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Comparison with other developing countries: Africa’s human development



Table 1 sets out the HDI and its components by region for 1994. Life expectancy in Africa is 53
years, compared to 61 in South Asia. Much of the lower life expectancy in Africa reflects higher
child mortality. Under-five mortality rates are 31% higher in Africa than in South Asia, and infant
mortality rates 19% higher. However, adult mortality is also much higher in Africa than elsewhere (see
World Bank, 1993). The explanation for the higher child mortality is probably not under-nutrition: the
proportions of low-birth weight infants and of underweight children under five are much lower in Africa
than in South Asia (see Table 47, UNDP, 1997). Instead, inferior health care is likely to be a factor.
Immunisation rates are much lower in Africa: only 60.5% of one year olds are fully immunised against
measles compared to 75% in South Asia; disparities in immunisation against tuberculosis are similar.

Access to health services is lower in Africa: only 61% can reach a health facility by foot or local means
within one hour, compared to 82% in South Asia. This partly reflects the lower population density in
Africa. However, there are also less medical personnel. For the sample of countries for which information
is available, there are estimated to be 16,957 people per doctor in Africa compared to 3,704 in South
Asia. Another factor may be lack of access to “safe water”: only 56% of Africans have access to safe
water, compared to 76% of people in South Asia.
Africa has higher adult literacy rates than South Asia. This largely reflects the higher rates of
literacy among women in Africa compared to South Asia (43% compared to 34%; for men,
literacy rates are 64% and 62% respectively)3. Nonetheless, African men are still nearly 50%
more likely to be literate than African women. Africa’s superiority in literacy rates is likely to be
eroded over time: school enrolment rates are now lower in Africa than in any other region.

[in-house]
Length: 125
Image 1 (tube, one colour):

Combined primary, secondary and tertiary enrolment ratios average 46% in Africa, compared to
53% in South Asia. In most developing countries outside of Africa, male gross primary enrolment
ratios are close to 100% whilst in Africa they are 85% (for girls, gross primary enrolment ratios
are 73%). Box 1 discusses the issues raised by gender and human resource development.
These comparisons of Africa with other regions need to be seen in the context of trends in
income and human development since 1960.

Human Capital and Economic Development
Simon Appleton and Francis Teal


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The African Development Bank is the premier financial development institution of Africa, dedicated to combating poverty and improving the lives of people of the continent and engaged in the task of mobilizing resources towards the economic and social progress of its Regional Member Countries.The Bank’s s mission is to promote economic and social development through loans, equity investments, and technical assistance. The ADB is a multilateral development bank whose shareholders include 53 African countries and 24 non-African countries from the Americas, Asia, and Europe. It was established in 1964, with its headquarters in Abidjan, Côte d’Ivoire, and officially began operations in 1967.
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